Jack Fenner, tongue in cheek, has found a way to supply off-the-road tire dealers with product during this period of extreme shortage.
``In 2002, we had tires coming out of our ears. The whole industry did. We had warehouses full of tires,'' the director of dealer sales for Continental Tire North America Inc. said at the Tire Industry Association's OTR Tire Conference, held Feb. 24-26 in Tucson. ``They were just lying around in the warehouse, so we donated a whole bunch of tires to the city of Akron to use in a playground.''
Fast-forward to 2005. ``As I speak today, we are digging up those tires, and they will be available to dealers shortly,'' he said. ``The little kids are going to be in for a big surprise.''
A joke, certainly, but the point-that demand is going through the roof-was obvious and demonstrated by industry statistics presented by the Conti executive.
``2004 was a year that has been good for everyone in this room,'' Mr. Fenner told the audience of dealers and their tire manufacturer suppliers.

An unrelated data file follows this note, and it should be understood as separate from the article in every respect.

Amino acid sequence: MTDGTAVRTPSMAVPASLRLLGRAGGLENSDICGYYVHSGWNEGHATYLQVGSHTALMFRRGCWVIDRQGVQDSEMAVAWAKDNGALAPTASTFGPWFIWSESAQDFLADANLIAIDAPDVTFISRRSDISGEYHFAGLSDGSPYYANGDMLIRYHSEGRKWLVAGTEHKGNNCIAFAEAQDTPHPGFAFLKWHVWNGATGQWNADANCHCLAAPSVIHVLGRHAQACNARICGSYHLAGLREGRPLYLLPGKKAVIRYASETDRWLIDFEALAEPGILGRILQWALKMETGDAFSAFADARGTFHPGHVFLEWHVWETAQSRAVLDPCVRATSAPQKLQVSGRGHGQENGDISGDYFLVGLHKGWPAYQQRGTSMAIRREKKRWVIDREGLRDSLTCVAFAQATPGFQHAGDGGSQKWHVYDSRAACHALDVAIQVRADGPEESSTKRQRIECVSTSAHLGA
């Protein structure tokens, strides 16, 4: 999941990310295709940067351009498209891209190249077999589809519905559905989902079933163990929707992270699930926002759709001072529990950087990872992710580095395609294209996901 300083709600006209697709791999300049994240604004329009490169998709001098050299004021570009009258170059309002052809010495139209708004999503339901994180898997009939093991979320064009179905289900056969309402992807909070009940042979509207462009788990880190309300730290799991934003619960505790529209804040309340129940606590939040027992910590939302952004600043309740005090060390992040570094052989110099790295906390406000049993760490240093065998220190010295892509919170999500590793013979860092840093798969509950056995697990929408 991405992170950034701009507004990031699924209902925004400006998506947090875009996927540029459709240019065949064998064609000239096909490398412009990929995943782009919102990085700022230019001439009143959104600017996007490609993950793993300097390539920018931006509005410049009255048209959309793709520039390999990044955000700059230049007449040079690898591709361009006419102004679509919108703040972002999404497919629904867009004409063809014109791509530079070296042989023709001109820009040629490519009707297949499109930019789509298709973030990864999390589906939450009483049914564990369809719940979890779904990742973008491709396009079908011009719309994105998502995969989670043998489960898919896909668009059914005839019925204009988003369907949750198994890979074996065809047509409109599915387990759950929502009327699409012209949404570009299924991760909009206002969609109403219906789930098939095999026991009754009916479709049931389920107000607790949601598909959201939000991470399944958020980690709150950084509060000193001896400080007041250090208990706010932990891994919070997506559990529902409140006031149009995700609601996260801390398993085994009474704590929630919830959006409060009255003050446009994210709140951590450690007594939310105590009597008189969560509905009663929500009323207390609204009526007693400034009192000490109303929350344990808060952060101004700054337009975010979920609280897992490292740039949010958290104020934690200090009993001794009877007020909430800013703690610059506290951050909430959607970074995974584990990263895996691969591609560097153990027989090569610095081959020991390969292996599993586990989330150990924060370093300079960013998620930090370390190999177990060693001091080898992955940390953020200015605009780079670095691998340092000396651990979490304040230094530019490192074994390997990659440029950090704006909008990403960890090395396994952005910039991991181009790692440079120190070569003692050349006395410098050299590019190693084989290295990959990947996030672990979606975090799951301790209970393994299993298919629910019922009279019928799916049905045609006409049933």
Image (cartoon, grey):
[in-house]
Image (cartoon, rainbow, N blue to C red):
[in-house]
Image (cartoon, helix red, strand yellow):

Demand was hot in the civilian replacement market, nothing like the dog days of 1999 through 2002.
``Back in 2002 demand was 124,778 tires. That's all we sold,'' Mr. Fenner said. In 2004, it was 149,208 units, up 14.4 percent from the previous year. Bias tire consumption grew 13.3 percent from 2003 to 67,484 units last year, and radial demand climbed 15.3 percent to 81,724 units.
Looking at OTR tire demand by civilian original equipment manufacturer customers, he said overall consumption jumped 33.1 percent to 78,009 units last year. Radial demand increased 20.9 percent and bias 70.8 percent.
The top-selling OTR tire to this market, by far, was size 20.5R25 E-2/L-2/G-2. Customers bought 7,910 radials in this size and 4,927 bias tires.
Mr. Fenner said the biggest driver in the increase in consumption of OTR tires has been for defense purposes. In 2002, defense accounted for 24,632 OTR replacement tire shipments; in 2004, it was 75,211.
``I tell you what, that's a big number,'' the Conti executive said.
The recovery for the OTR business began in the second half of 2003, Mr. Fenner said.
In the first six months of that year, consumption was down 3.4 percent for both radial and bias, he said. But demand rose 16.4 percent for bias and 8.1 percent for radial in the second half compared with the corresponding period of 2002, for a total average gain of 12.4 percent.
There's been no looking back since then.